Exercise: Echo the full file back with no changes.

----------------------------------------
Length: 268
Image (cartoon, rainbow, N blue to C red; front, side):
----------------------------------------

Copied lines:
Length: 268
Image (cartoon, rainbow, N blue to C red; front, side):